When the OS Install Software web interface appears to hang and not process requests to start an upgrade you may need to execute it from the command shell. I experienced this specific issue on upgrading CUCM 6.1(1) to 6.1(3). But, knowing how to do what you need to via the CLI is always a handy tool.
Usually the web interface is preferred for this operation because it provides status feedback while the CLI does not. However, I recently had an issue where the Install Software web interface was misbehaving and I couldn’t get anywhere. I could have restarted tomcat but why do that unnecessary step when you can use the CLI.
The main branch of the CLI that we work with is the ‘utils system upgrade’ CLI. Description of each of these commands is fairly well document in the CCO documentation. Check the Operating System Administration guide for your respective version.
What this blog covers is the order of execution for a software update. The commands seem to operate independently, but in reality they work in conjunction and must be executed in a specific order.
Assume that you have a host 10.10.10.10, which is an SFTP server and you are upgrading to Version 6.1.3 of CUCM from 6.1.1. You have done backups, control tests, etc. For whatever reason you either want or need to execute an install from the CLI instead of the web portal.
From the shell prompt:
1. First, we have to tell the host that we wish to start the upgrade process. This is done by using the ‘list’ command to provide information on the source host and path for the file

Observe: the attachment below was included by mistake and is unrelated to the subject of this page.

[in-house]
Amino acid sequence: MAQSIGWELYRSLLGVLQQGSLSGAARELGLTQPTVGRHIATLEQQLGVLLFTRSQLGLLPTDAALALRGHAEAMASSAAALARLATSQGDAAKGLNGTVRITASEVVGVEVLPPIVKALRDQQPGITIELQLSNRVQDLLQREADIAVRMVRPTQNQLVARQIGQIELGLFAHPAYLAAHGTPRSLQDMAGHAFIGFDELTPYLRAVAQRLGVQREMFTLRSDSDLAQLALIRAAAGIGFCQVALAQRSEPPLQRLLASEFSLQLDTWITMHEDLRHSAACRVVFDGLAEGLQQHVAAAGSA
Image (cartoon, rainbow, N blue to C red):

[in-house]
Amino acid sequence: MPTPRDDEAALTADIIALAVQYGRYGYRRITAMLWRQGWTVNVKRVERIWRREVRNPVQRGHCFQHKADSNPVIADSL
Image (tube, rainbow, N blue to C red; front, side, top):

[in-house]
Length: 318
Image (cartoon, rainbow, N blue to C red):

admin:utils system upgrade list remote sftp 10.10.10.10 userID /install/softwarefiles/
This command will then prompt you for the user ‘userID’ password. Once the password is provided, the CUCM/CUPS server will connect to the SFTP server and check for valid and signed files in the specified folder. Any valid files that are found are displayed.
2. Next, we need to retrieve the appropriate upgrade file. Again, from the command line:
admin: utils system upgrade get remote UCOS_220.127.116.110-16.sgn.iso
Now, this is the bummer. The CLI will say that it is retrieving the file but give no other status information. If your SFTP server has a way to provide status of bytes sent, then I would look there. You could also look at the network activity on a host that isn’t doing much more than serving this upgrade file or you could step away. Watching a non-moving CLI will drive you crazy. The 6.1.3 upgrade is 2GB+ by itself.
3. Once the file is uploaded, we want to start the upgrade
admin: utils system upgrade start
You could also provide the “reboot” keyword at the end to force the system to reboot after the upgrade. I don’t do that myself.
The upgrade starts and you wait. 6.1(2) and 6.1(3) both take between 1 hour and 1 hour 15 minutes to complete. 4. Done. You now have an updated version in your standby partition. Check this with:
admin: show version active
admin: show version inactive
The one thing that the command guide doesn’t explain is that there is some global variable tagged when you start the upgrade process from the CLI. Executing the ‘list’ command gets it going and the SFTP server and path are temporarily stored in memory. You can confirm this by using the list command and then going to the OS web interface. In the web interface click on Install/Upgrade Software and the system will say “Upgrade in Process”. In fact, once you get an upgrade in process from the CLI, you can assume control and then complete the upgrade from the web interface (or visa versa).
In my case, I did the ‘list’ and ‘get’ commands from the CLI because my web interface was not playing nice. I then ‘Assumed Control’ from the web interface to execute the actual ‘start’ command. I liked the visual progress and live dump of the install log. I suppose you could get a live dump of the install log from the CLI by using the ‘file tail’ command in another ssh/console session. This is a separate topic for another day.